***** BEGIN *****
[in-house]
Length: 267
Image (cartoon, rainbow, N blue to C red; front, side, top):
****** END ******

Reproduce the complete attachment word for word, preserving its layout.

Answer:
[in-house]
Length: 267
Image (cartoon, rainbow, N blue to C red; front, side, top):